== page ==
12. As concerning the rest of the beasts, they had their dominion taken away: yet. their lives were prolonged for a season and time.
12. Et reliquis bestiis abstulerant potestatum, vel dominationem. Et longitudo in vita data illis fuerat usque ad tempus at tempus.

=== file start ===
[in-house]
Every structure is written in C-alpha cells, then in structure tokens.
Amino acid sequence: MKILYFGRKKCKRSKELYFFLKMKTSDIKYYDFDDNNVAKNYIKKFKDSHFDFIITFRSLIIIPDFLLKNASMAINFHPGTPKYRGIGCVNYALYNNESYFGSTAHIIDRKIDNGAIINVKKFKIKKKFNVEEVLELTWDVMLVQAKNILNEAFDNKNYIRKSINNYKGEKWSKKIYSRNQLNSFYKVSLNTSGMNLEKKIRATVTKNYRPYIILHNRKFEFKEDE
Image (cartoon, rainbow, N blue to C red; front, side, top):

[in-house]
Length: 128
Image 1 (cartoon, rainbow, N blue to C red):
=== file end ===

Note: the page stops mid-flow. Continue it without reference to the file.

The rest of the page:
Without doubt the Prophet refers to what ought to come first in order, as the empires of which he is speaking were extinct before the Roman. Hence these verbs ought to be taken in the pluperfect tense, because the power had been already removed from the other three beasts. For the Hebrews were, accustomed to repeat afterwards anything which had been omitted, and they do not always observe the order of time in their narratives. Thus, after he had said the fourth beast was slain and consumed by burning, he now adds what he had omitted concerning the remaining three, namely, their dominion had been take, from them. He adds also what is worthy of notice, Length, or continuance, in life was granted to them even for a time and a time. There are two different words used here, but they signify one and the same thing, namely, a convenient time. Here the Prophet understands how nothing happens accidentally, but all things are carried on in the world in their own time, as God has decreed them in heaven. Perhaps when the subject-matter of the discourse is length of life, it signifies the protracted period of these afflictions, as they should not pass away suddenly like clouds. Not. only severe but lengthened trials are said to await the faithful, which must afflict their minds with weariness, unless the hope of a better issue propped them up. Thus, the Holy Spirit predicts how God would at length deliver his Church when he had exercised its patience for a length of time. From the rest of the beasts power was taken away. The copula in the word hkra, ve-arkeh, "and length," may be resolved in this way -- "because length in life;" as if he had said, The trials by which the sons of God were to be oppressed should not be perpetual, because God had prescribed and defined a fixed period. A continuance, therefore, in life was granted to them, namely, for a time and a time. The copula may be treated as "an adversative particle" as if he had said, "although a continuance," that is, although the people should not immediately escape from those sorrowful cares which oppressed them, yet God's opportunity would at length arrive, that is, the time at which it pleased God to redeem his own Church. But the former exposition seems more genuine and more consistent, because length of time has its own limits and boundaries. There is also a contrast between, the words hkra, arkeh, "length," and Nmz, zemen, "time," and Nde, gneden, "time," because length or "prolonging" has reference to our perceptions; for when we are suffering pain, the greatest speed seems delay. Thus, any one in anxiety for an improved state of things counts every moment, and is so flagrant in his desires as to call the Almighty in question for any delay. As, then, the impatience of men is so great, when they are expecting with anxiety this freedom from adversity, the Prophet says, in the ordinary acceptation of the phrase, length of time was granted to the beasts; but he opposes a fit time; as if he had said -- They act preposterously who thus indulge their own passions. Since God has fixed his own time, they require patience, and need not reckon the years; but this one thing must be concluded, when the Lord pleases he will not delay his help. This, therefore, is the full sense of the verse. It follows: --